UnidosUS launches ‘Count on Us’ campaign in Arizona to highlight Latino contributions in the state
Launched with Arizona leaders, the hope is to raise awareness of Phoenix’s largest demographic group, putting AZ at the forefront of Latino political power.
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Latinos contributions to the country have been wrongly ignored, forgotten, and disregarded. Even while its cultural, economic, and community contributions are large, not many who aren’t Latino are aware of it. Many states are kept going in part because of the ever-growing Latino population that make up large portions of the labor force and more.
Ahead of Hispanic Heritage Month, President and CEO of UnidosUS, the nation’s largest Latino Civil Rights organization, Janet Murguía, accompanied by Arizona leaders, launched the national ‘Count on Us’ campaign in Phoenix, on Tuesday, Aug. 16.
It aims to raise awareness, educate, and highlight the strong contributions of Latinos to Arizona’s economy, communities, and culture. According to the U.S. Census Bureau, Latinos now make up the largest demographic group in Phoenix, the state’s largest city and one of the most-populous in the U.S. They also make up over 32% of the state’s population.
“Latinos are taxpayers, job creators, and major contributors to the economic and social well-being of Arizona and this country. This campaign will open more people’s eyes to the real story about what the Hispanic community means to our nation and our future. We hope to inspire people from all backgrounds to join us in recognizing our community’s contributions and also work with us to address challenges that can hold Latinos and Arizona back,” Murguía said.
Not only is it looking to highlight the good, it also aims to educate and make the public aware of the barriers that still face Latinos in the country. This includes immigration, health care, housing, education as well as other basic necessities of life that the community lacks despite the population’s growing importance in the country.
As a part of the campaign, they cited some of the contributions and challenges that go hand-in-hand. According to data from the U.S. Small Business Administration, Latino-owned businesses account for over 1 million Arizona residents being employed. However, Latinos themselves still face major financial insecurity and are unable to afford housing in the same neighborhoods where their business are located.
Latinos make up a large portion of the labor force in America. Even with certain advancements in the number of Latino small businesses, a huge growth of Latino essential workers, and millions of immigrants who pay taxes each year, they do not see the fruits of their labor.
According to the U.S. Department of Labor Blog, a large number, 29 million Latinos are part of the labor force in the country. They are driving the labor force of growth. More than 70% of Arizona’s essential workforce, such as healthcare, hospitality, emergency services, to name a few, are Latino, and are unable to get access to equitable healthcare or healthcare at all.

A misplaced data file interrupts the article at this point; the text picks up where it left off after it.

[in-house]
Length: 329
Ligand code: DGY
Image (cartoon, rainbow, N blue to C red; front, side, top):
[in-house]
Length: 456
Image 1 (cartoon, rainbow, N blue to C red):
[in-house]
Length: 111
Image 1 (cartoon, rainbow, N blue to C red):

Not just Latino Americans, but Latino immigrants account for over $2.4 billion of taxes in annual Arizona state tax revenue according to data from the Arizona Hispanic Chamber of Commerce. Despite paying a lot of taxes to the state and the nation, Latinos do not see that money being redistributed back into their neighborhoods, communities, or schools. Many schools across the nation in heavy Latino cities or states, and specifically in Arizona, the needs of Latino students, such as multilingual education, are neglected.
The President and CEO of the Arizona Hispanic Chamber of Commerce, Monica Villalobos, spoke out in support of the campaign.
“The Count on Us campaign is a rallying cry to strengthen our economy by working together — The hard work and creativity of Latinos help to create jobs and business opportunities for everyone. This campaign brings well-deserved attention to Latinos’ contributions to our economy and quality of life,” she said.
Along with the economical contributions across the board, cultural contributions can also sometimes speak louder than words, when neglect from those in charge of helping do not. That’s especially true in Arizona, where the Latino population is now one of the largest demographic groups in the state, and murals, art pieces, festivals, and music can be found throughout its urban and rural scapes.
One of the locals to be featured in the campaign is Kathy Cano-Murillo, who is owner of the Crafty Chica brand spoke on the significance of the campaign.
“The Latino arts and culture community in Phoenix is vibrant and growing — Latino designers and creators, musicians and muralists contribute to the vitality of the Phoenix community in so many ways,” said Cano-Murillo. “We are very passionate. We are brave. We start businesses. We share the things that we make. We embrace our heritage. Together, we make our communities strong and beautiful, and we keep our economy running.”
Together with the campaign itself, UnidosUS also works with over 11 different affiliated community-based organizations in the state that helps the expansion of quality of jobs, healthcare, housing, and other life essentials not readily available to Latinos.